School kids listen attentively to our talks in the Hway Luek village. Thai children are incredibly polite and calm. It is indeed rare to see a Thai kid to cry, and their curiosity surpasses the smartphones. At least here, in this village that hosts one of the fish sanctuaries, built as a result of community activism.
Hway Luek is a borderland village. It is situated in close proximity to the place where Thailand ends and Laos begins. Mekong river makes a sharp turn here into Laos and Thai people built a wonderful natural retreat of Kaeng Pha Dai. Dry season sees the Mekong waters low, trees are full of yellow flowers, and a huge Thai signature says one is leaving Thailand from this point. No guards, no police at sight, just some machines that build a new bank along the river. What is being built further downstream, in Laos, is far more dangerous. It is another dam, and Hway Luek community fears it will ruin everything they possess.
In this village there are many migrants from Laos. Some of them still don’t have Thai papers. Since the building of the dams in upstream Mekong, their livelihood changed. Before, they were sustainable with fishing and agriculture, but large changes in these sectors made them move on into other provinces of Thailand. With a big number of Lao population, they are being increasingly aware of the cross-border impacts from the dam development projects in Laos, and population on the other side of the border privately show same concerns. However, Laos is a strict communist regime and any communal gathering, non-governmental initiative or public questioning is prohibited and even dangerous.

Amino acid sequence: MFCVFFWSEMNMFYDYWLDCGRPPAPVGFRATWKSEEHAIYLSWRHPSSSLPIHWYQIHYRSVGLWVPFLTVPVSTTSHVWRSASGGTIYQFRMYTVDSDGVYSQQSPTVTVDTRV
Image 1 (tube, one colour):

After beautiful lunch in village’s school, we went to see the “sanctuaries” themselves. It is hardly a closed system. Parts of the river are populated with fish and they mostly dwell there where there is food. Best food is given by villagers themselves, so the fish stays around the boats docked on the riverbank. Fish is sold at the spot, the only question is whether the locals sell fish or tremendous amount of flies on them, as the scorching sun hits over the waters. Being curious, we stormed the fishing boats, while the fishermen were looking anxiously who are these people coming on their property in time of lunch. Nevertheless, no one said a word and lazy midday continued as usual on this grand river.